Published: Friday, Sep. 18th, 2020
This Seattle couple pulled off their dreamy livestreamed handfasting ceremony by having not just one but two dads officiate the unique virtual event.
Kyla and Chris had been anticipating their Seattle-based handfasting ceremony for months. Chris’s beloved step dad Mike, a retired US Army Major and experienced officiant, had agreed to perform the ceremony. The plan was in place: he’d fly in from Texas, help them tie the literal knot, and they’d dance the night away. Then the Covid pandemic hit, causing sudden and indefinite venue closures and cancelled flights.
Like many other couples and officiants all over the country, they found themselves scrambling to answer questions they hadn’t even thought to plan for… Should they postpone or adapt with something smaller and streamable? Would out-of-town family and friends be able to watch them say “I do”?
Most importantly, would Mike still be able to perform their handfasting? With new travel guidelines in place, Texas suddenly seemed very, very far away.
Did you know? Handfasting is a traditional Celtic wedding custom. An officiant or spiritual elder wraps a cord or ribbon around a couples’ hands during a wedding ceremony to symbolize commitment and spiritual union.
The nation’s swift embrace of Zoom weddings, fueled by necessity, and more tech accessibility and know-how than any generation prior, meant that having friends and family attend wouldn’t be a problem. Sure, the ceremony might look a little different than they’d originally planned, but an online guest list was easy to manage and there could be (um… would be) a rescheduled dance party to look forward to.
But where couples and officiants are quick to adapt, state marriage laws are not. Only a handful of states have approved legislation to make remotely-officiated weddings legal, and Washington state isn’t one of them.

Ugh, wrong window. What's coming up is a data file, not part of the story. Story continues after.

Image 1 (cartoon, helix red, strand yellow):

So what could Kyla and Chris do about the handfasting? How could Mike still be involved? The family promptly got to work re-imagining the event.
Chris’s dad Carl, who lived locally, was quickly recruited to help save the day, by serving as a spiritual assistant of sorts. Mike would still participate, but he’d join the festivities from his home in Texas, over FaceTime in a celebratory role. Carl would stand with the couple, wrapping the handfasting cord in person, giving him an important role during the ritual.
For the couple, it was the perfect unexpected solution. Now, not just one but two of their beloved dads would be participating in their ceremony!
The day of the event was bright and warm. The couple gathered with a couple friends outdoors in their backyard, dressed in festive suits and gowns. Mike gave a moving speech from his ceremonial spot, propped on a table between the bride and groom, with Carl doing his part as he carefully and lovingly wrapped the cord with each vow. All around the country, friends and family gathered to watch the ceremony over Zoom, laughing and cheering along as Kyla and Chris tied the knot.
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Check to see if your state recognizes remotely-officiated (or virtual / proxy) ceremonies.
The wording here is confusing, so it’s really important to clarify beforehand! Be warned: Most states don’t. Having guests attend your wedding over a video conferencing platform like Zoom or Skype is fun and won’t affect whether your ceremony is legal, but having an officiant participate long-distance will.
Have out-of-state family members or friends as part of your wedding party, or have them lend a special talent to the day
These are strange new times, and adapting to them with a little humor is what keeps us sane. We aren’t quite to the holographic-guest phase yet, but you can prop that laptop on a table next to you for a long-distance maid-of-honor or best-man speech. Out-of-town loved ones can co-officiate with someone local! Musically-inclined friends can pull out their instruments and play that processional or first dance song over Zoom. And you can clink a champagne flute against your phone for a hilariously distanced toast with your Aunt Marge. Where there’s a will (and a little tech savvy), there’s a way!
Ask an out-of-state friend to share a meaningful story or blessing as part of the ceremony remotely, while an in-person officiant wraps the cord or ribbon. Ok, it’s a little anachronistic maybe, but traditional Celtic handfastings and Wiccan weddings have included two or more people in this moving custom for centuries! (Just not virtually… we admit that’s a new twist.)
Updated February 2021
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